He watches Brenda hand Patrick a water bottle as Rachel whisks him away from a fawning Clive and into Studio C to change. David is tempted to follow but a sliver of whatever self-preservation he has left holds him back. 

Carol gives him a nod from across the room, and he returns it as best he can. His parents are buttering up the guy from The Post (Washington, not New York) as Ronnie finally makes her way over to him. 

“How do you feel?” 

“Oh God, don’t ask me that.” 

“I meant about the performance. I don’t want to hear about your messy ass love life unless I absolutely have to.” 

David smiles a smile only Ronnie could pull from him. “The performance was great.” Fucking spectacular, actually. 

“Yeah. Agreed,” she says, as if she heard the addendum. “Come on. Let’s get this over with.” 

They head into the hall where Alexis catches hold of his elbow and doesn’t let go until he’s placed before his first microphone. Clive is easy to talk to, mainly because he rarely lets you get a word in edgewise. It’s a good interview to start with. 

Out of the corner of his eye, he sees Patrick enter (looking fucking delectable in his navy suit, white shirt, sans tie) and step up to the microphone bearing the SiriusXM logo.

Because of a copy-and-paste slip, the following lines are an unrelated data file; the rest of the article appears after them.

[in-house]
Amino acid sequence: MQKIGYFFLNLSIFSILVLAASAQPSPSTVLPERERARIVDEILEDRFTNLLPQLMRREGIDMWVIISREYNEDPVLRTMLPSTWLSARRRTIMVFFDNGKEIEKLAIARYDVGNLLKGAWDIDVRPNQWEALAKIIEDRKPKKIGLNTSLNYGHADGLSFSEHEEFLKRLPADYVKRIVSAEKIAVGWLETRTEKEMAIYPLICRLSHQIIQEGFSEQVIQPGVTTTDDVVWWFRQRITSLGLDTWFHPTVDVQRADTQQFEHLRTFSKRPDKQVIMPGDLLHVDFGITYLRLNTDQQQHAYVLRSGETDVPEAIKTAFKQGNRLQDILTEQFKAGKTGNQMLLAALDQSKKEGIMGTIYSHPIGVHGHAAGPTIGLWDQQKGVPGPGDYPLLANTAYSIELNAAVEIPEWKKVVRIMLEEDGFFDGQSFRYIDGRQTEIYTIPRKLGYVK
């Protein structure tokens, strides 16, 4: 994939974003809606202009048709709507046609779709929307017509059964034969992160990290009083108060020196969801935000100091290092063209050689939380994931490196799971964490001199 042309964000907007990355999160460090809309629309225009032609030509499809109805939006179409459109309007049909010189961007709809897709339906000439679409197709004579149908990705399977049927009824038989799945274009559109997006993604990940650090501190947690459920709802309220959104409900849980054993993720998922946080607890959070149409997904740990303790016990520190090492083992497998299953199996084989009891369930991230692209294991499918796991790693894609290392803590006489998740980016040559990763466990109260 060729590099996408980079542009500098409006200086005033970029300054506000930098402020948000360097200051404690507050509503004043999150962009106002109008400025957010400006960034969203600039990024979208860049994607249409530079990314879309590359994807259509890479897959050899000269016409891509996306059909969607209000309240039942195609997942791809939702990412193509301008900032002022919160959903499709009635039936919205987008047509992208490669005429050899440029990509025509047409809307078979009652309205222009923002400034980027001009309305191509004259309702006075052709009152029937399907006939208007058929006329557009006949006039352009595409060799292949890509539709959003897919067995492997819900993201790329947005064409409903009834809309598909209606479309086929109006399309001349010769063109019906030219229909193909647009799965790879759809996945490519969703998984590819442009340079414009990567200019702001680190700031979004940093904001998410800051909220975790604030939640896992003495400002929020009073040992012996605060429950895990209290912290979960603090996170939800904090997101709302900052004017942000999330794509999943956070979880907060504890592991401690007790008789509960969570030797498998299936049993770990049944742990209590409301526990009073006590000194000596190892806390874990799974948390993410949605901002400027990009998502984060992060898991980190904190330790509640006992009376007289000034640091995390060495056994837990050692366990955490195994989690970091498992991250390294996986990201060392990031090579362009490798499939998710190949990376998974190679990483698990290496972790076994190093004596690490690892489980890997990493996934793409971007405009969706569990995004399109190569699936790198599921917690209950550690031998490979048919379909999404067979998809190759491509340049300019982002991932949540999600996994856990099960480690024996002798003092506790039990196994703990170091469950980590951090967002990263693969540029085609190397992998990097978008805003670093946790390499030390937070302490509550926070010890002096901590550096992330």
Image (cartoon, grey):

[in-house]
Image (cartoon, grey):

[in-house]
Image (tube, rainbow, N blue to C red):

“Sorry, what was the question?” 

“I asked how it feels to finally be back on Broadway.” 

“An honor as always, Clive.” Trite, but effective. 

They all make their way around the horseshoe of journalists and, despite everyone’s desire to keep David and Patrick apart, the last two interviews each of them has left end up being side-by-side. David doesn’t want to listen in, but just like he doesn’t want to watch all 12 seasons of Bake Off in a week, it just happens. 

“Does this mean you’ve hung up your music career for good?”

He tries to pay attention to whatever it is that Dane is asking him, but Patrick’s answer to that is entirely too distracting; entirely too important. 

“David?” Dane prompts, and oh fuck why couldn’t this panic attack have started when he didn’t have an HD camera shoved in his face?